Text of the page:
Examining the relationship between inequality and climate change in Papua New Guinea and Tonga
Understanding the relationship between inequality and climate change risk is increasingly recognized as being central to informing effective adaptation action. In this research, negative outcomes of inequality associated with factors contributing to climate change vulnerability are traced in case studies in two high-risk Pacific nations; Papua New Guinea and Tonga. Specifically, the study seeks to answer:
- How does inequality shape vulnerability among different socio-economic groups?
- How is the vulnerability-inequality nexus related to the process of globalization?
In Papua New Guinea and Tonga, social inequality drives vulnerability among particular sections of society. For instance, the lowest socio-economic classes have restricted access to resources required for building adaptive capacity and responding to climate change. Further, inequality facilitates institutional arrangements which weigh against adaptation, particularly in terms of social security and the management of growing rates of urbanization.
Inequality, vulnerability and globalization
The processes of globalization both drive and mitigate climate change risk and social inequality. For example, both the erosion of traditional social support systems and increasing rates of urbanization cause particular challenges for certain segments of the population. Such processes are fundamentally underwritten by inequality because it produces the circumstances under which the challenges drive climate change vulnerability. If resources were distributed more fairly and justly, social support systems would not be relied upon to the extent that they are today in Papua New Guinea and Tonga.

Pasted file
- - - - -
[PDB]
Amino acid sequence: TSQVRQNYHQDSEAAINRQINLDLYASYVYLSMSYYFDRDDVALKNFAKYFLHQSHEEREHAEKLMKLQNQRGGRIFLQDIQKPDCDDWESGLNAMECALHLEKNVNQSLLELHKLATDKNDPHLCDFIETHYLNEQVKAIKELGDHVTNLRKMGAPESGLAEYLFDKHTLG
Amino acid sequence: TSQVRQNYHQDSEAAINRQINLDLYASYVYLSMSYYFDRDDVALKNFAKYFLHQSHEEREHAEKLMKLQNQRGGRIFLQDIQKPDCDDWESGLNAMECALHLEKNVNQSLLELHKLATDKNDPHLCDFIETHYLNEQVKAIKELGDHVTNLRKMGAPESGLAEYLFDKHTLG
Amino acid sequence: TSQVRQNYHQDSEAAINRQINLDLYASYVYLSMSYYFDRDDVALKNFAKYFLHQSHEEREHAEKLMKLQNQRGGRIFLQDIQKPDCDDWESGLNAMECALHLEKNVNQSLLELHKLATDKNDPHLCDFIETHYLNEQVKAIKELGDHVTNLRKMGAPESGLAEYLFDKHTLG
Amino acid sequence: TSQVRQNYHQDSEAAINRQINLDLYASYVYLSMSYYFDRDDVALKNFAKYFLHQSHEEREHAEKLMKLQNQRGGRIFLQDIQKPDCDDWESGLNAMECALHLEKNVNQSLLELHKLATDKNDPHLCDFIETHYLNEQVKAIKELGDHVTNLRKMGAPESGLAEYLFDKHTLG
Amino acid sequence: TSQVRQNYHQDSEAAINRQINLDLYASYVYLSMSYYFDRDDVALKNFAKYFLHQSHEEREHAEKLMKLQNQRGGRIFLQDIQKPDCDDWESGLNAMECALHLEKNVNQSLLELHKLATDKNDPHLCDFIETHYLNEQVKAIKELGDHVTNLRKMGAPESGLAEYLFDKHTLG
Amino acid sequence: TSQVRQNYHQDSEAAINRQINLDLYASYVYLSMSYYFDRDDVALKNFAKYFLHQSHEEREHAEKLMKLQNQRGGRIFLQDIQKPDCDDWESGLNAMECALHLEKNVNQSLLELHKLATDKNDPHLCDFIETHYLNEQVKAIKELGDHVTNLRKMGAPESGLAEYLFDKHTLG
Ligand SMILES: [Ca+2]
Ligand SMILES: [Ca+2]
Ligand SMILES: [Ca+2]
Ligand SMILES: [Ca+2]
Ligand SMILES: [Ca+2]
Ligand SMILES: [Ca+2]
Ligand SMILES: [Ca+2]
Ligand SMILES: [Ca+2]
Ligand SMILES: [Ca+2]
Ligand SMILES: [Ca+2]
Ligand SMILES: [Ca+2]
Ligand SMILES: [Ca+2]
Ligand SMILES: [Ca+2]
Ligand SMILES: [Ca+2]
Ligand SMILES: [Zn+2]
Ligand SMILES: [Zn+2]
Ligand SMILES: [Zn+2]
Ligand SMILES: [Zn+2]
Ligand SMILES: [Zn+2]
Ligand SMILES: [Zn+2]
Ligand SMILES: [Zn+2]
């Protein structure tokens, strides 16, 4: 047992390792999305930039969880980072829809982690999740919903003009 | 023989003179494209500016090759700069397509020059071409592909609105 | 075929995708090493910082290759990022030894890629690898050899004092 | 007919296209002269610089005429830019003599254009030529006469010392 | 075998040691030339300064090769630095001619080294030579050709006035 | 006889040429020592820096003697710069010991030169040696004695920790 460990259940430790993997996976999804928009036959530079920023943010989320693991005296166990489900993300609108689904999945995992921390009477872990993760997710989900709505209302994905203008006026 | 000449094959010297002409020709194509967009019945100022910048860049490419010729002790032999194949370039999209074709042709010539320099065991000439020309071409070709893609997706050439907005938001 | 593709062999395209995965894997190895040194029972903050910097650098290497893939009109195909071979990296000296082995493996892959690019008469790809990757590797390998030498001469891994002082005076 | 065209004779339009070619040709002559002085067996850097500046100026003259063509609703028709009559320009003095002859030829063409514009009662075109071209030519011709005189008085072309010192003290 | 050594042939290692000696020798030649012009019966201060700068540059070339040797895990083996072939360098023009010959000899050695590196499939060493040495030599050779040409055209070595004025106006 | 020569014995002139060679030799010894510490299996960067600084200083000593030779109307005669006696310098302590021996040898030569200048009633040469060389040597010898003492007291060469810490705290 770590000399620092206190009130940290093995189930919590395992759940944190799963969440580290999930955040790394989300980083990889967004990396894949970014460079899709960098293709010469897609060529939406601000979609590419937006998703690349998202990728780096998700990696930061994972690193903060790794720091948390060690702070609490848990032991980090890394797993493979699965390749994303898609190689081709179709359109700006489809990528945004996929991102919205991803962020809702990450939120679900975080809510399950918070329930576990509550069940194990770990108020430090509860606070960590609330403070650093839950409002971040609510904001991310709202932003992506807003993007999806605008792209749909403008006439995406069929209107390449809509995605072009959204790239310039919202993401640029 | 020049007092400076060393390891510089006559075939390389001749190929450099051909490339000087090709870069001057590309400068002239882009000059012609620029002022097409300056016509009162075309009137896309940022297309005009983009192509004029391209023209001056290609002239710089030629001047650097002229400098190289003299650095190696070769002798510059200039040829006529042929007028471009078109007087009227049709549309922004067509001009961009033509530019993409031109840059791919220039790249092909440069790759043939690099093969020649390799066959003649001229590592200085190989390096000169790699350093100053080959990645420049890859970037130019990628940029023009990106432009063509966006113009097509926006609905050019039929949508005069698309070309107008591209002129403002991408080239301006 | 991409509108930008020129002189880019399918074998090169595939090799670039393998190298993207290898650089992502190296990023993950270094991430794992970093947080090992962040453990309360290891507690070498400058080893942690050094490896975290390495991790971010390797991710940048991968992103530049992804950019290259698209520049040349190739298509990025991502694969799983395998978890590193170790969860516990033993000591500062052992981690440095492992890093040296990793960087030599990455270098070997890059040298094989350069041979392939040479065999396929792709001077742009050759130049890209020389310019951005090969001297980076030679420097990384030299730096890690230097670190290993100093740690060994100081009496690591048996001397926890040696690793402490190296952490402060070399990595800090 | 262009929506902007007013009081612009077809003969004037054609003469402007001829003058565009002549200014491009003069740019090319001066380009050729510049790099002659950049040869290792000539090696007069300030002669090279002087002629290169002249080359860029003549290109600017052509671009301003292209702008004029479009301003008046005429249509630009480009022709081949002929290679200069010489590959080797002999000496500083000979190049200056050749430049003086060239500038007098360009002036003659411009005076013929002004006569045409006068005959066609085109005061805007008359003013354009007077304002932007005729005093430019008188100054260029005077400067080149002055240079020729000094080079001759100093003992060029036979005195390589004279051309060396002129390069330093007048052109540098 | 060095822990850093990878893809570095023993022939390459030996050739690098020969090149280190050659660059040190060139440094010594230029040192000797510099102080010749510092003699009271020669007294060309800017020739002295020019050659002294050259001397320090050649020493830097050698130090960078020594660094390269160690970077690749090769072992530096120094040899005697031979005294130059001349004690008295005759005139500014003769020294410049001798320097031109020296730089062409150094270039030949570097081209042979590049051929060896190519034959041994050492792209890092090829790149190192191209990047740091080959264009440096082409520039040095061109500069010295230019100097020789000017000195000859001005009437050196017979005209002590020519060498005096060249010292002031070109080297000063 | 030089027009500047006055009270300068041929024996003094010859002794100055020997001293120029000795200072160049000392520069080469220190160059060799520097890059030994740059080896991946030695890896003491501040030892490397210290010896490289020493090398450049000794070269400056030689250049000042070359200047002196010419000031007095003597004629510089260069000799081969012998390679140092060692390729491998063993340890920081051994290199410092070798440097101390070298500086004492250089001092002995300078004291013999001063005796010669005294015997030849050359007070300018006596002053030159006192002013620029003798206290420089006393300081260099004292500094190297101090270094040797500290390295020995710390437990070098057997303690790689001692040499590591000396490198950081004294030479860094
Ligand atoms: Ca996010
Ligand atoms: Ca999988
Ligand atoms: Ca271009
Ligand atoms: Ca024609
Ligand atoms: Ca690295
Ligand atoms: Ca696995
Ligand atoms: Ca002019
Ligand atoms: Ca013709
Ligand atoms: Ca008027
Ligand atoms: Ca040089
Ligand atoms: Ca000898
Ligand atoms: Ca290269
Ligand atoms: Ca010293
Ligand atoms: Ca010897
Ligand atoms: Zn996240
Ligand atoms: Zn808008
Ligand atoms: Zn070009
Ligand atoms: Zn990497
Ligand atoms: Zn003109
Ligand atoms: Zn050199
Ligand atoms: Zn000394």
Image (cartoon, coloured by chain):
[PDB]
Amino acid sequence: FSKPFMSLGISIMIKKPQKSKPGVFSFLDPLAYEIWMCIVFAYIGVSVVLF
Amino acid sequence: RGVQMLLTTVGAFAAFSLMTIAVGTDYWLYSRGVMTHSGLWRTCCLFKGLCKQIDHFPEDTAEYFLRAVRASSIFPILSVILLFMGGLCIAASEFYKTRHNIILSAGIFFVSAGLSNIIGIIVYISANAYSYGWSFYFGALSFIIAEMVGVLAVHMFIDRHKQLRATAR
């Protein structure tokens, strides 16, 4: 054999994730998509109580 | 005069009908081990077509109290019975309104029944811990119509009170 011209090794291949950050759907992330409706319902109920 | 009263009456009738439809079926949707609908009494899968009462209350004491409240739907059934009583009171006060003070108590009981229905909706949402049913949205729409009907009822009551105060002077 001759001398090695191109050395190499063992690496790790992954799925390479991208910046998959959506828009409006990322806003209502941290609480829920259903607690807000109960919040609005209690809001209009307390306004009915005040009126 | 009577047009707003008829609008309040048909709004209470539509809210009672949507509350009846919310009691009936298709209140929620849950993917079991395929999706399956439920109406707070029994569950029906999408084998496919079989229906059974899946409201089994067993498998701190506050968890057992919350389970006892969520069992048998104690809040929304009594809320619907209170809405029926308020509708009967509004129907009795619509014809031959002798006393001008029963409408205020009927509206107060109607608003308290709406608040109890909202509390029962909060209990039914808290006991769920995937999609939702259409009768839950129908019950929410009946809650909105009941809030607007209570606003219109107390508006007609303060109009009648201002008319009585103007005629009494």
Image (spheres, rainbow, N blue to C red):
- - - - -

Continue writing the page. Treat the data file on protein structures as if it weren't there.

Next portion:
This study finds that globalization creates particular environments in which climate change vulnerability may be facilitated in the absence of targeted measures. These environments are particularly susceptible to the negative implications of inequality. Thus, not only is inequality problematic from the perspective of access to resources, but also in the sense that political and social institutions are less responsive to the most vulnerable segments of unequal societies.
Papua New Guinea as well as Tonga are societies in transition. Here, political representation and social trust is needed to foster long-term national adaptation strategies. While certain measures can be taken to facilitate individual adaptation, other measures, such as infrastructure and social safety nets, will need to be implemented at a collective level. If inequality remains high, such measures will be significantly more difficult to realize.
There is considerable scope to mainstream climate change policies in the Pacific region. What needs to be better contemplated are ‘no-regrets’ policies which address drivers of climate change vulnerability and issues of inequality and uneven development, simultaneously. Poverty reduction is one such ‘win-win’ policy goal which is often sought. Reducing inequality is often coupled with poverty reduction, but even progress in both is not always achieved. A more targeted approach to tackling socio-economic equality, ensuring that more people share in economic growth, solidarity and political participation, has the potential to significantly reduce vulnerability and build resilience.
This study aimed to highlight specific problems associated with globalization and the relationship with climate change vulnerability and social equality. The issues discussed must be addressed if resilience is to be strengthened, for example through stronger national policies on social security and urban planning; two particularly pressing issues in Papua New Guinea and Tonga.